While you need to decide which one is best for your needs and projects, you may want to look at both surface planers and thickness planer. This gives you an idea of what these tools can do.
Surface Model vs. Thickness Model
Many companies and manufacturers use surface and thickness interchangeably when selling planers because both types of tools work on the surface of a wood piece. The biggest difference between the two is that one works on all surfaces and one works only on thickness.
A thickness model features a cutter head, also called a cutting head, that uses several sharp knives, though the exact number varies across manufacturers. It also has rollers that allow the wood to move smoothly across that cutter head as you push. Some models have an automatic feeder that pulls the board in and then pushes it out automatically without requiring any pressure from you.
The third part of this tool is some type of tray or base. With a table model, you’ll have a table that you can sit the wood on, though some have metal trays that require you put the wood on the metal. Those trays may extend out to give you more room for working.
When you use the tool with a board, that board moves under one roller and across the cutter head, which uses its knives to remove wood down to the depth you set. A second roller then catches the board and pushes it out. These tools are more consistent than a surface planer because it remove one consistent piece from the surface with each pass.
A surface model is one that works on small areas of the surface of the wood at one time. These products can include both manual models that require you use some pressure to cut across the surface and electric models that come with a motor that exerts the pressure that you need.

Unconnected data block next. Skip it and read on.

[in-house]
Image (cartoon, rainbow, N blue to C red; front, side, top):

Surface models are generally hand-held models that let you remove a specific portion of the wood as you pass the tool over the surface. Though most feature sharp knives on the built-in cutter head, the tools may not go as deep as thickness models can.
Why Not Pick a Manual Model?
Manual models are really only good for basic projects and those who like working with old-fashioned tools. These designs, also called hand planes, have just one sharp cutting area that you’ll need to sharpen to use on future projects. You’ll need to use so much pressure that your hand may hurt or begin cramping after just a few passes, which is why most woodworkers prefer using one of the electric or power tools in place of a hand planer.
Learning about the different types of power tools and checking out a planer definition is the best way to find out how one of these tools can make your life easier. Not only can you remove as much of a board or sheet as you need, but you’ll get a smoother surface that is free of splinters too. Check out some of the top models on the market to find the best one for your professional or hobby workshop.